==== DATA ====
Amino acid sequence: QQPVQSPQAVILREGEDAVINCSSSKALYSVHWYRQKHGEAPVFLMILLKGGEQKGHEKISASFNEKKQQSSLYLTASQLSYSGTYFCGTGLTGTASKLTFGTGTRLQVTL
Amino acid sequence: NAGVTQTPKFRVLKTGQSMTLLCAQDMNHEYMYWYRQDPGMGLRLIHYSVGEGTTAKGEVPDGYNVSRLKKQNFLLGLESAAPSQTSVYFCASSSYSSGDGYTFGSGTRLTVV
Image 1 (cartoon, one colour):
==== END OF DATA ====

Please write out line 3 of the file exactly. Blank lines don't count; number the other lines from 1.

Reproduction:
Image 1 (cartoon, one colour):